Tags: Special Operations | suicides | Joseph Votel | William McRaven

High Suicide Rate Prompts Spec Ops Leader to Go Public

Image: High Suicide Rate Prompts Spec Ops Leader to Go Public
Special Operations Command's Gen. Joseph Votel. (TSgt Angelita Lawrence - USSOCOM)

By    |   Tuesday, 10 Mar 2015 10:10 AM

Despite a decline in the number of suicides among members of the military's special operations community, the rate remains among the highest in the military, which prompted the leader of Special Operations Command to publicly disclose he and his family had sought counseling, reports The Daily Beast.

"I have, with my family, sought counseling and assistance. I did it an earlier time in my career, but it's been since 9/11, and I encourage everybody to do that," Special Operations Command's Gen. Joseph Votel admitted during a recent conference.

According to figures provided to The Daily Beast, the number of suicides fell from a high of 23 in 2012, to 18 last year.

The concern among the leadership of the Special Command was first expressed last year during a symposium held in Tampa.

"The last two years have been the highest rate of suicides we have had in the special operations community, and this year I am afraid we are on the path to break that," Adm. William McRaven, then-commander of U.S. Special Operations, cautioned last February, according to The Tampa Tribune.

"There is a lot of angst. There is a lot of pressure out there. My soldiers have been fighting for 12 to 13 years in hard combat. Hard combat. And anybody who has spent any time in this war has been changed by it. It's that simple," he added.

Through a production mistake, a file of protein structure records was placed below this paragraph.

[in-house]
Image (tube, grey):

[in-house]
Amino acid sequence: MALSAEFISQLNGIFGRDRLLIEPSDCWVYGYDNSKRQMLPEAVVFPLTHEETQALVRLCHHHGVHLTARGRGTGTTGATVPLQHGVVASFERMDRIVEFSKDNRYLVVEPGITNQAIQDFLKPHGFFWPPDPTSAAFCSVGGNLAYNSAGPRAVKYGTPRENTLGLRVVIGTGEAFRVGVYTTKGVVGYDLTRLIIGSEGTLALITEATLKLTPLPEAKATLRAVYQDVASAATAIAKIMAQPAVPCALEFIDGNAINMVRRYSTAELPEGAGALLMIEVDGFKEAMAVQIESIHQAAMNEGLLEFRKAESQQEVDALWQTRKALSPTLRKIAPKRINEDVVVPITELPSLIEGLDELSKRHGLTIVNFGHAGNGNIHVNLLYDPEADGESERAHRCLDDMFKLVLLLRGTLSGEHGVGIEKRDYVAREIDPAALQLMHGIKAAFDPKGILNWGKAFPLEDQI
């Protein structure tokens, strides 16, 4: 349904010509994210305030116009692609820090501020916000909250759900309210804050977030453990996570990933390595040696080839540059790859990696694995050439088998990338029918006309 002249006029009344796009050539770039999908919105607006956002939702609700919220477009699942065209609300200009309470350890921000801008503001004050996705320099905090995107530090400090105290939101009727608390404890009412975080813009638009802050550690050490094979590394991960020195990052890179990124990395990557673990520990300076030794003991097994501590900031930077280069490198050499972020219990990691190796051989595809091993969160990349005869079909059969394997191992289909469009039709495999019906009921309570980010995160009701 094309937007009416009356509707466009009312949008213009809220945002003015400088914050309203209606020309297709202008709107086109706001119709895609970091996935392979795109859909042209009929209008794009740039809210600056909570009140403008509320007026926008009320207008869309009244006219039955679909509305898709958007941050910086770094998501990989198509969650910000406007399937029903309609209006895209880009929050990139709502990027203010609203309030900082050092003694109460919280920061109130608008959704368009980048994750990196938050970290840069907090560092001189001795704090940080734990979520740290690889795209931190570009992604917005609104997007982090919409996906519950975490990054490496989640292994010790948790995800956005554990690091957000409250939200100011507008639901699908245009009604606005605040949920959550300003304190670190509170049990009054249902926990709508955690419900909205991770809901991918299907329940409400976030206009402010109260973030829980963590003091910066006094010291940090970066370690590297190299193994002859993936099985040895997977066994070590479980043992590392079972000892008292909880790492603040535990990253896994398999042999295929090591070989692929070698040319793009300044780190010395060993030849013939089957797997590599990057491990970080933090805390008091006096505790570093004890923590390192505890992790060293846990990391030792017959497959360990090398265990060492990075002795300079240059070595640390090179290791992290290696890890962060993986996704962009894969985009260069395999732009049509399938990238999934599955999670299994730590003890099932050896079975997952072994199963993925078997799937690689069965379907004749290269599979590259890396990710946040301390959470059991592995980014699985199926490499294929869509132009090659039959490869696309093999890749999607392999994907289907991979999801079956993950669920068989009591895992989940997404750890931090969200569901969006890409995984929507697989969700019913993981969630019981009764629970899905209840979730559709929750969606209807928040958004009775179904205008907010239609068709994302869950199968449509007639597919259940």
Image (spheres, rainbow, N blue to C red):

It was a message McRaven delivered to the Senate Armed Services Committee last March when he said that the "community's rate remained tragically steady," which was prompting U.S. Special Operations to redouble "our efforts to ensure that our leaders are fully engaged with their personnel."

Subsequently, he called on Congress to provide additional $48 million in funding to hire physical therapists, dietitians, sports psychologists and strength and conditioning specialists to work with troops in order to address the increasing rate of soldier suicides among those involved in special operations, which includes Navy SEALS, Army Rangers and Green Beret Special Forces, according to The Washington Post.

According to a 2014 survey conducted by Iraq and Afghanistan Veterans of America, 31 percent of members of the military overall said they had considered taking their own lives and 40 percent said they knew another veteran of their generation who had committed suicide.

In October, Navy Capt. Thomas Chaby, the director of the Preservation of the Force and Family, stressed the need to make the initiative a priority because of the unique challenges found among members of special operations elite forces and that "after 13 years of battle, we have assessed that our force is frayed," according to the Defense Department's news service.

But, he conceded, the stigma of mental health counseling remains a challenge.

"There's a culture in the military, and it extends into unit cultures," he said, adding that there is a need to "educate their leaders every chance they get and say, 'getting behavioral healthcare is a good thing.'"

The focus on suicide prevention has resulted in an increase in the number of special operations-specific behavioral health professionals "embedded" in Special Operations Command units.

According to The Daily Beast, there will be a total of 131 professionals embedded in 2015, more than double the number of 60 in 2013.

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The suicide rate in special operations remains among the highest in the military, which prompted the leader of Special Operations Command to publicly disclose he and his family had sought counseling, reports The Daily Beast.
Special Operations, suicides, Joseph Votel, William McRaven
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2015-10-10
Tuesday, 10 Mar 2015 10:10 AM
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